The calculation's principle is to take the dividends that would have been distributed before taxes, deduct from the personal taxes the part applicable to the corporation, and then tax the difference applicable to the individual. To do so, the dividends are increased by a gross-up rate to hypothetically reflect the dividends distributed before corporate taxes. After that, the grossed-up dividends are introduced in the personal tax bracket, but the rate of the respective bracket is decreased by the dividend tax credit (DTC). The DTC is an equivalent rate to the federal and provincial corporate tax rate. An example is illustrated below to help better understand this concept, but first we need to go over the different rates associated with the two types of dividends.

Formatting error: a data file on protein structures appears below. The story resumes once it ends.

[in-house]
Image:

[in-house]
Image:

From a fiscal point of view, there are two types of dividends issued by Canadian businesses, and both are differently taxed: the eligible and non-eligible Canadian dividends. The eligible dividends are favourably taxed, as opposed to the non-eligible dividends, which involve lower gross-up rates and DTC. The eligible dividends come from businesses that are subject to the general corporate tax rate, and the non-eligible dividends are issued by businesses that benefit from small business deductions. Since the businesses that are eligible of small business deductions are paying at a lower tax rate, the gross-up rate and DTC are decreased, and therefore personal taxes increase.
In 2018 and 2019, the gross-up rate (which is applicable everywhere in Canada) is 38% for eligible dividends. For non-eligible dividends it was 16% in 2018 and 15% in 2019. The Federal enhanced DTC for eligible dividends is 15.02% and the small business DTC for non-eligible dividends was 10.0313% for 2018 and 9.0301% for 2019. At a provincial level, every province registers a different corporate tax rate, so each one has their own DTC rates. These rates are not progressive, they stay fixed and decrease the grossed-up dividend tax rate for every bracket.